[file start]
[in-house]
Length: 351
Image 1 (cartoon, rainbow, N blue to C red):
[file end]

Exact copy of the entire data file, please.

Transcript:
[in-house]
Length: 351
Image 1 (cartoon, rainbow, N blue to C red):